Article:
[6] We estimate the amount of freshwater in the upper 30 m of the tropical IO from the WOA01 seasonal dataset, using a reference salinity So(x, y) defined as the spatially varying annual mean salinity of the upper one kilometre. The upper ocean freshwater content, i.e. the total freshwater (in meters) from the surface to H = 30 m, FW(x, y, t), is then computed with respect to the reference salinity So:

equation image

where α = (ρfρ)/(ρfρs); ρ is the density of seawater with observed temperature (T) and salinity (S); ρf is the density of water with S = 0 and temperature T; and ρs is the density of water with salinity So and temperature T. H is chosen as 30 m in order to account for most of the freshwater in the upper ocean (see Figure 1). The seasonal evolution of FW is shown in auxiliary Figure S2. We first examine upper ocean freshwater content integrated over the Bay of Bengal, in response to forcing by P-E and runoff R (Figure 2). The annual total GPCP precipitation over the Bay is 4700 km3, and SOC evaporation is 3600 km3. Precipitation and runoff are largest in June–October. Although surface windspeed is highest in July–August, evaporation does not have a maximum at this time because the sea-air difference of temperature and specific humidity is small [e.g., Josey et al., 1998]. Net freshwater input to the Bay ∫∫(P + RE)dxdy is negative in January–March, and largest in June–August (Figure 2, bottom) in agreement with the estimates of Rao and Sivakumar [2003]. The annual total freshwater input is 4050 km3 (about 1.6 m/year). WOA01 data shows that in response to the forcing, storage of freshwater in the upper 30 m (∫∫(FW)dxdy) increases from about 4200 km3 in May to a maximum of 5700 km3 in November, three months after the peak input (Figure 2, bottom). In order to balance the net input of 4050 km3/year, the net southward transport of freshwater out of the Bay of Bengal (across 6°N, 80°–100°E) must be 0.13 Sverdrup. This large transport of freshwater, of possible climatic significance [Wijffels, 2001], has not received much attention [Gordon, 2001]. Note that the depth of the freshwater transport, or its seasonal cycle, cannot be inferred from available climatological observations.

Figure 2.

(top) Seasonal cycle of precipitation (P, from GPCP), evaporation (E, from SOC), and continental runoff R integrated over the BoB, in km3 per month, and (bottom) seasonal cycle of net freshwater input (M = P − E + R, left axis) in km3 per month, and mixed layer freshwater content in the Bay (FW) in km3 (right axis).

3. Bay of Bengal Runoff in the Tropical Indian Ocean

[7] Seasonal changes in freshwater content FW are due to runoff, local as well as advected P-E, and flux of saltier water across the 30 m level (see below). In order to remove the contribution from local as well as remote P-E, we take the FW field for each month and subtract from it the time integral of P-E, and horizontal advection of P-E, over the previous three months. Drifter currents are used in the calculation of horizontal advection. Our recipe generates monthly fields of upper ocean freshwater from runoff, RW(x, y, t), which represents freshwater “imported” to the tropical IO across lateral boundaries. The choice of three-month integration of P-E is based on the response time of the Bay to freshwater forcing (Figure 2, bottom). The spatial patterns of RW are not sensitive to the use of four-month rather than three-month integrals of P-E. Apart from unknown errors arising from the sparse sampling of WOA01 salinity, the greatest uncertainty in RW comes from differences between rainfall climatologies [Wijffels, 2001; Yu and McCreary, 2004]. We have therefore compared RW maps based on CMAP [Xie and Arkin, 1997] and GPCP rain (which is considered a more reasonable estimate over the BoB than CMAP [Yaremchuk et al., 2005]). Although magnitudes differ by over 20%, the broad spatial patterns of P in the two climatologies are similar, leading to an uncertainty in monthly RW within 0.2 m over most of the tropical IO. We have also considered evaporation from COADS climatology [DaSilva et al., 1994], but the difference between COADS and SOC annual evaporation integrated over the tropIO is less than 2%. In other words, the spatial patterns of RW do not appear to be highly sensitive to the combination of rainfall and evaporation product chosen. We also find that the broad patterns of RW do not change if H is taken to be mixed layer depth (surface density plus 0.5 kgm−3 criterion, with 30 m minimum), rather than uniform 30 m. Note that uncertainty in runoff does not influence the RW estimates.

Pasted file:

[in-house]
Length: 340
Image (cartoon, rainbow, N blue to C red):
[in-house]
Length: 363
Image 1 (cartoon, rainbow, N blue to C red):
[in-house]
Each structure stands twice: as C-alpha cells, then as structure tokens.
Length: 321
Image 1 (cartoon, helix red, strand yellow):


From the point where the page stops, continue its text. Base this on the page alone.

[8] Monthly maps of RW (Figure 3) show the spread of BoB continental runoff, as well as near surface freshwater from the ITF [Gordon, 2001]. In regions of negative RW, such as the Arabian Sea (AS), upper ocean salinity is higher than So(x,y) even after the influence of negative seasonal P-E is removed. The reasons are discussed later. Three-month mean (present month and previous two months) drifter current vectors [Shenoi et al., 1999] are overlaid on RW. In February, there is about 1.5 m of RW in the upper BoB (Figure 3a), and 0.5 m off the west coast of India (WestCI). WestCI winter runoff is minimal, so this water must come from the Bay. Other observational studies find BoB surface water at least as far north as 15°N along the WestCI at this time, with surface salinity increasing gradually to the north [Donguy and Meyers, 1996; Prasanna Kumar et al., 2004]. However, models have difficulty getting BoB water to move up the WestCI [Han et al., 2001; Jensen, 2001]. Bay runoff is carried far to the west in the southern AS by the NMC (Figures 3a and 3b), in agreement with some model results [Han et al., 2001; Jensen, 2001, 2003]. Satellite sea surface height (SSH) and in situ observations [Bruce et al., 1998] show one or more vortices with dimension of O(1000 km), generated in the southeastern AS in January–April, moving west at 15–20 cms−1. Analyses of SSH also suggest the presence of several smaller (O(100 km)) eddies. It is possible that BoB freshwater is carried west in these vortices, in addition to the NMC. As much as 3 m of runoff accumulates in the north Bay by November. By this time, BoB runoff, carried equatorward in the EICC, has begun to flow past Sri Lanka and up the west coast of India (Figure 3d).